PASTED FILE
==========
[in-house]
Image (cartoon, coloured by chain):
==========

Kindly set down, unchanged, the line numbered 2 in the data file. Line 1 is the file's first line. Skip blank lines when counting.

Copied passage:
Image (cartoon, coloured by chain):